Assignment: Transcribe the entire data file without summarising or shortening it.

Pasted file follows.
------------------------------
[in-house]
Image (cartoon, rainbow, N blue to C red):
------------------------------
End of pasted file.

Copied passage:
[in-house]
Image (cartoon, rainbow, N blue to C red):